A Russian mercenary firm is building a line of anti-tank obstacles across eastern Ukraine. The Wagner Group earlier this month began laying parallel lines of so-called “dragon’s teeth”—three-foot-tall concrete pyramids weighing a couple of hundred pounds apiece—just west of Hirske in Russian-occupied eastern Ukraine.
The initial line of dragon’s teeth is just a mile long. There are indications the Russians plan to build additional fortifications in nearby areas across the same region.
Experts are befuddled by the effort. The fortifications, as implemented, are fairly pointless. Indeed, inasmuch as they consume time and resources, they actually are counterproductive to Russia’s faltering war effort.
A few low obstacles across one small sector of a front that stretches for hundreds of miles won’t stop Ukrainian brigades that, for seven weeks now, steadily have been advancing in the east. The Ukrainians simply could go around the dragon’s teeth.
And if for some reason they find it’s better to go through the obstacles, they have plenty of options for breaching them. Every experienced mechanized army employs combat engineers specifically for such tasks. And the Ukrainian army by now is the world’s most experienced mechanized army.
That Wagner is planting dragon’s teeth should surprise no one. “When on the defensive and time permits, Russians dig in,” Lester Grau and Charles Bartles detailed in their definitive The Russian Way of War.
But the dragon’s teeth by themselves aren’t very imposing. The Russian army and its mercenary allies still mostly follow Soviet doctrine. And in Soviet doctrine, physical obstacles such as dragon’s teeth are supposed to be part of a layered defense that also includes minefields and prepared positions for infantry armed with anti-tank weapons.
The idea is for the obstacles to channel attacking forces into the minefields. If the attackers get clear of the minefields, a good defensive plan then would guide them into kill zones where the infantry can finish them off.
It’s safe to assume Wagner’s engineers are burying anti-tank mines around the dragon’s teeth. Cheap and powerful buried mines are a major danger to troops on both sides of Russia’s wider war on Ukraine.
It’s less evident, however, that the mercs are preparing the extensive infantry strongpoints that, in good doctrine, are a necessary complement to physical obstacles and minefields.
“Barriers, obstacles and mines can be used in the economy of force role to strengthen a naturally strong existing obstacle area so that it need only be lightly defended,” the U.S. Army notes in its Joint Publication 3-15.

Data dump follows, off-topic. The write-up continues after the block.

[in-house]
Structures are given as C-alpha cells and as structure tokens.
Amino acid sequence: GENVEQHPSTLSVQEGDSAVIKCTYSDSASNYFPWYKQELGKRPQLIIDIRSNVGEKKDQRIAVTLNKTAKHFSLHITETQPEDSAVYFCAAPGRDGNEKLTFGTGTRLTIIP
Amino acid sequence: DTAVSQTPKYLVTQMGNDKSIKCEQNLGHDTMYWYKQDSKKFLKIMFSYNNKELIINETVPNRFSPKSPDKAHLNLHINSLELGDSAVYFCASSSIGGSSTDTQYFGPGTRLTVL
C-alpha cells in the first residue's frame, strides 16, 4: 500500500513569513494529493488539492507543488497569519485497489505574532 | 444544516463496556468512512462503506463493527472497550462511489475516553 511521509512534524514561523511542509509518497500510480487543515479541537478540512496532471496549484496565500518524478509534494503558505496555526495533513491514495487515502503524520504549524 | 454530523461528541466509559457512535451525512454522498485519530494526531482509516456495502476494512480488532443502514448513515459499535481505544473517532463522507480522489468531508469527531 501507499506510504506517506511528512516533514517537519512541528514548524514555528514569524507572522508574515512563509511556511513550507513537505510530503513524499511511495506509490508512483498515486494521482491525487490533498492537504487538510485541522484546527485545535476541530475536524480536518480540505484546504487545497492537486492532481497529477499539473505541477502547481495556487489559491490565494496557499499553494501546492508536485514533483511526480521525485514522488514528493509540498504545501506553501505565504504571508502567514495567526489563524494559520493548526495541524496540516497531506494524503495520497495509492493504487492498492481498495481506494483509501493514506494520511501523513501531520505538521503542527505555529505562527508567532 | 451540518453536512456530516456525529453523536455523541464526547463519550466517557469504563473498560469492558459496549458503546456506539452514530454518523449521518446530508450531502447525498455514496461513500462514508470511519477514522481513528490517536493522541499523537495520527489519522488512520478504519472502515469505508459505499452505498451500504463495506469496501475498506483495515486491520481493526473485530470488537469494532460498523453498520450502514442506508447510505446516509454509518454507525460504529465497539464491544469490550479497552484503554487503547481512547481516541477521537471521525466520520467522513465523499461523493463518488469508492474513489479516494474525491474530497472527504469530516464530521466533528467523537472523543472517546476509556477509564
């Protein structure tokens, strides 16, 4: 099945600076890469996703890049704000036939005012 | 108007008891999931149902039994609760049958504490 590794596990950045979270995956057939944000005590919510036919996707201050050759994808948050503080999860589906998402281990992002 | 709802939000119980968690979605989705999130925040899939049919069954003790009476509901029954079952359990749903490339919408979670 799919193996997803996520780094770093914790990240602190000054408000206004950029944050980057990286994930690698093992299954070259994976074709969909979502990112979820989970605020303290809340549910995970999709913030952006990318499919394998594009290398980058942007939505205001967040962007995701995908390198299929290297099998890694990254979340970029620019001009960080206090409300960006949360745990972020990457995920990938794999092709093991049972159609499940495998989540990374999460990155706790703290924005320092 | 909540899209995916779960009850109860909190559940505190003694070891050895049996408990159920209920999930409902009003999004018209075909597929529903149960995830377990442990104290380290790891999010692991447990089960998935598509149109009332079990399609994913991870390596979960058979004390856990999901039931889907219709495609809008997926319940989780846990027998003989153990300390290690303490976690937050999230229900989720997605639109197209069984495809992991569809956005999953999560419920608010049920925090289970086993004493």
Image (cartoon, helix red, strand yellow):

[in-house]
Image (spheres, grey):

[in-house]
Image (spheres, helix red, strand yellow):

Lightly defended is not the same as undefended. To work against a motivated attacker, static defenses still require well-equipped, well-supplied and well-led infantry in supporting positions.
But the Russian army and its allies have lost 100,000 men in Ukraine and are struggling to recruit, train and deploy replacements. It’s possible Wagner isn’t preparing extensive infantry strongpoints behind its dragon’s teeth because there aren’t any infantry to occupy them.
If a Ukrainian brigade runs into the dragon’s teeth outside Hirske and discovers the fortifications to be lightly manned, the brigade simply can pause, deploy engineers and take its time demolishing the obstacles.
Don’t doubt the Ukrainians are prepared to breach a static defensive line. They’ve got the equipment for it, including mineclearing vehicles based on T-64 tanks plus classic ex-Soviet IMR-3 engineering vehicles and explosive line-charges. Ukrainian sappers have trained with the Canadian and Polish armies.
It’s easier to go around obstacles than to breach them, of course—even when the obstacles are thinly manned. The dragon’s teeth Wagner is planting protect just one approach to Hirske, a town with middling strategic value. In a country as big as Ukraine, there almost always are ways around.
It helps, of course, that everyone knows exactly where the obstacles outside Hirske are and how far they extend. When the Ukrainian counteroffensive reaches Hirske, it’s likely the attacking battalions simply will pivot north or south, looping around the dragon’s teeth and any other prepared fortifications.
That’s what the German army did in 1940 when it ran up against France’s famed, and ill-fated, Maginot Line—a far more sophisticated defensive obstacle than Wagner’s sad rows of concrete pyramids. “Didn’t work then, won’t work now,” retired U.S. Army general Mark Hertling quipped.